Is “Google for Jobs” Set to Transform the Recruitment Industry?

Is “Google for Jobs” Set to Transform the Recruitment Industry?

September 06, 2017 | Professional Services Blogs

It comes as no surprise that tech behemoth Google has added yet another vertical to their portfolio, in the form of Google for Jobs. After targeting multiple sectors like travel, shopping, videos, online advertising, search engine and consumer electronics, Google sensed yet another opportunity in the recruitment industry and launched its own platform called “Google for Jobs.” The recruitment industry currently faces various challenges, including the need to improve efficiency during the recruitment process, time to hire, selecting an appropriate candidate and rising costs. The process of recruiting includes interviewing, scheduling and evaluating a candidate, and costs dearly for companies in the United States. The entire recruitment process has become cumbersome due to the outdated applicant tracking systems (ATS) currently available in the market. Google is planning to consolidate similar job titles in the same group, organized by functional domain.

Today, recruitment platforms have complicated the process of finding jobs, their core service offering, instead of easing it. Competition in having creative job titles has led to a single job having multiple names and descriptions. For instance, the profile of a janitor might be listed as commercial help, cleaner, etc. on today’s platforms. Through cloud jobs APIs (application programming interfaces), Google is trying to lessen the impact on recruitment’s biggest hurdle—identifying suitable candidates during the recruitment process. To alleviate this issue, Google’s cloud jobs API team is trying to aggregate similar job titles into a broader bucket by using taxonomy and search algorithms. For instance, profiles of janitor, commercial help, cleaner etc. will be gathered under a single category whose name will resonate the exact meaning of what the job offers. The platform is beneficial for both job seekers and employers. For example, filtering job searches by location, title, date, type of job and commute time can help job seekers manage their searches well, whereas optimizing job listings through grouping them into a single category is beneficial for employers.

The recruitment industry is fragmented and has multiple suppliers, including recruitment agencies and online job boards such as and Of late, recruiting candidates through social media platforms such as LinkedIn and Facebook has increased competition. An estimated 92% of companies use social media platforms for hiring purposes; hence, a company might face numerous challenges entering such a fragmented market. To ease the transition, Google is planning to partner with social media platforms such as LinkedIn and Facebook and recruitment platforms, including Monster and Glassdoor. Partnering with these platforms enables consolidation in the industry, which then could cause an increase in platform fees for employers.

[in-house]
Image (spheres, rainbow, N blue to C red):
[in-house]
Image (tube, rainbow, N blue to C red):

While these companies will help Google in entering the market, Google in turn can help them by prioritizing their postings. However, prioritizing search results have led Google into troubled waters in the past. Google was fined $2.7 billion by the European Union in an anti-trust case over search results. The company was accused of favoring its own content in shopping search results. It will be interesting to follow how Google overcomes this hurdle.

Google’s model of consolidating similar job titles in a single group and improving job searches by adding filters will help in search optimization, a feature lacking in current platforms. However, partnering with other online recruitment platforms might cause an increase in platform fees. Google’s new model is also likely to help in times of skill shortages with its better search results. A few large companies such as FedEx and Johnson & Johnson are helping Google pilot the program, and Johnson & Johnson has reported a surge of 18% in submissions per search on its career webpage. Keeping speculations such as reduction in recruitment time, industry consolidation and better candidates aside, only the future will tell how Google for Jobs will impact the recruitment industry.


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